Bowhead whale genome sequencing and analysis
The bowhead whale (Balaena mysticetus) has not only been estimated to live over 200 years, making it the longest-lived mammal, but these animals remain disease-free until much more advanced ages than humans can. The mechanisms for the longevity and resistance to aging-related diseases of bowhead whales are unknown, but it is clear they must possess aging prevention mechanisms. In particular in context of cancer, bowhead whales must have anti-tumour mechanisms, because given their large size and longevity, their cells must have a massively lower chance of developing into cancer when compared to human cells. As such, we sequenced and analysed the genome of the bowhead whale to identify longevity assurance mechanisms.
We generated a high-coverage genome assembly of the bowhead whale, which we make available to the scientific community in our Bowhead Whale Genome Resource to encourage research using data from long-lived species. Analyses of the genome were also performed to identify promising candidate genes and mechanisms that may explain the long lifespan and resistance to age-related diseases of bowhead whales. Overall, this project provides a key resource for studying the bowhead whale and its exceptional longevity and resistance to diseases. By identifying novel maintenance and repair mechanisms we will learn what is the secret for living longer, healthier lives and may be able apply this knowledge to improve human health and preserve human life.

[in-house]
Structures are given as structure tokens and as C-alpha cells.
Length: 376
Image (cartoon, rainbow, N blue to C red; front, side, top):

Our aim is for this project to be a community effort, so anyone wishing to help or collaborate in this endeavour is welcomed to contact us (see below). This project is being coordinated by Pedro Magalhães (Liverpool, UK). Other collaborators include Jeremy Semeiks & Nick Grishin (Dallas, USA), Knud Larsen & Bo Thomsen (Aarhus, Denmark), Jong Bhak (Korea), George Church (Boston, USA), Gary Stuart (Indiana State University, USA), John Patton (Purdue University, USA), John Bickham (Houston, USA), Craig George & Robert Suydam (North Slope Borough Department of Wildlife Management, USA). Our goal is to facilitate and foster further research into long-lived animals. Any comments and suggestions are also appreciated.
João Pedro de Magalhães
Integrative Genomics of Ageing Group
Biosciences Building, Room 245
University of Liverpool
Crown Street, Liverpool L69 7ZB
Phone: +44 151-7954517
E-mail: aging#liv.ac.uk (# = @)